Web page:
When conducting a VoC program that intends to establish benchmarks for various business processes with respect to customer preferences in your organization, it is necessary to understand that the order in which questions are asked is equally important as the set of questions you ask for a particular benchmark.
You must put a high emphasis on the metrics that characterize benchmark-focused surveys.
For example, if you are looking to quantify a single open-ended question like how a smartphone app’s UI feels, aspects like “navigation” entail a multitude of factors.
Thus, you must undertake a more encompassing, granular study to determine the underlying problems as compared to choosing the color scheme for a CTA button.
Due to the inherent comparative nature of benchmarking, it is crucial that the survey experience itself is coherent with the benchmarking process.
This involves delivering the logical set of survey questions to every responder, independent of their actual navigation route through the website.
Remember, this might end up in a lengthy, irrelevant exercise for the responders if it is executed improperly, i.e., irrelevant question, irrelevant order, or both of them.
Also, the quality of replies is determined by the accuracy of expression method (ratings, worded opinions) and relevancy; therefore, the longer and less relevant the questions, the fewer chances are that your VoC efforts would fetch explicit, accurate responses.
Therefore, you must be considerate about the fact that your benchmarking is indicative of your performance comparison and subsequent results.
Factors that would govern the response to sub-question #1.2: Continuous progress
If the strategic purpose is constant improvement, then the tactical objective of the VoC process is to comprehend causation.
In this case, ratings are definitely valuable, but their impact tends to increase considerably if they are coupled with follow-up questions.
They must be aimed at determining why the responder evaluated a particular component of the app with a certain score. For example:
- “How effective was this feature, based on why you used it at the moment?”
The subsequent follow up survey question:
- Please explain why you failed [or succeeded] in completing the action.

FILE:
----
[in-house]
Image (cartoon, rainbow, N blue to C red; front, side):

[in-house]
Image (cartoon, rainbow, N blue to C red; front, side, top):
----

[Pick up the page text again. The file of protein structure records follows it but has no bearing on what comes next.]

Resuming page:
It is clearly evident that continuous improvement-focused surveys have a considerably higher proportion of rating questions and open-ended discussions.
Naturally, responding to an open-ended question in a systematic method requires much more work from the surveyee; thus, the questions asked should be as brief and to the point as possible.
In other words, continuous improvement surveys should be personalized to each responder so that the questions reflect the user’s specific journey through the mobile app and take into consideration their unique user experience.
This required ability to “customize” each set of questions for each responder requires a sophisticated survey system.
It must be capable of analyzing user behavior and suggesting a series of customized, response-based dynamic questions that determine the user experience.
For example, you may ask:
“Hello, we found that you were using our app’s “latest deals” section under the pet accessories category. what do you think of our new stock?”
Next, you must add a subsequent question like:
“Please tell us why you feel positive/negative about the new stock.”
It is a no-brainer that there is a limit to the number of times you may ask a user to comment on such questions, so you must be selective about where, when, and what you ask in terms of elaboration.
In this example, when aiming at continual development as the main use case, replies that help you understand what drives user behavior in a particular area of the mobile application become invaluable.
They will extend a deep, granular grasp of causation; by pinpointing the core cause of an issue, making it possible to resolve the problem permanently.
On the flip side, the positive responses regarding their experience tell you:
- What features and design components to highlight and improve further.
- What not to do while attempting to resolve other similar issues.
At times, you would come across survey ideas that seem to satisfy both of the above-mentioned aims. However, it is more important to understand what their responses will allow you to really do instead of what they focus on at face value.